Americans commit suicide for various reasons. Some end their own life because they cannot handle depression or anxiety anymore, while others decide to take their own life after the loss of their loved one, bullying, harassment… and the list goes on and on.
The loss of a family member, friend, coworker, or even a complete stranger is devastating as it is, but even more so when you are being accused of encouraging or aiding that person to commit suicide.
As the annual U.S. suicide rate soared by 24 percent between 1999 and 2014, an increasing number of innocent people have been accused of aiding, advising or encouraging another person to commit suicide in recent years. Our Pittsburgh encouraging suicide attorney at SMA Law Group is going to explain when you can be charged with “assisting a suicide” and which defense strategies you can use to fight these charges.
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First and foremost, it is important to understand that the prosecutor will have to establish any of these two elements by proof beyond a reasonable doubt in order charge you with promoting suicide in Pittsburgh or elsewhere in Pennsylvania:
It often happens that innocent people are convicted of encouraging a suicide because of the text, voicemail, or email they had sent to the deceased prior to his or her suicide. Many people are also wrongly accused of this crime due to the use of witness statements as evidence against them.
But here’s what truly matters. Our experienced encouraging suicide attorney in Pittsburgh explains that in order to establish “intentional conduct,” a prosecutor will have to demonstrate evidence that you had conscious objective or purpose to aid, advise, promote, or encourage the victim to take his or her own life.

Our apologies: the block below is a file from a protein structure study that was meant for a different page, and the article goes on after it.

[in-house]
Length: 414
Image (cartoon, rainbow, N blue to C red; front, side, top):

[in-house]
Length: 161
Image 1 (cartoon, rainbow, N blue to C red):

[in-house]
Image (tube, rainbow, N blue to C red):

Thus, if you were (a) merely trying to tease the victim, (b) being sarcastic, (c) merely trying to hurt the victim in an emotional manner without wanting to cause them physical harm, or (d) merely discussing suicide, the prosecution should not be able to charge you with “aiding a suicide” as a crime.
It is true that if you were harassing the victim prior to his or her suicide, you may be charged with criminal harassment, but if you had no actual intent for the victim to act on your encouraging statements to commit suicide, you will most likely be able to escape “assisting a suicide” charges. That, of course, if you are being represented by a Pittsburgh assisting a suicide lawyer.
But why do you need legal assistance when facing “encouraging a suicide” charges in Pennsylvania? For starters, your attorney will be able to identify the most appropriate defense to “promoting a suicide” charge in your particular case. These defenses include but are not limited to: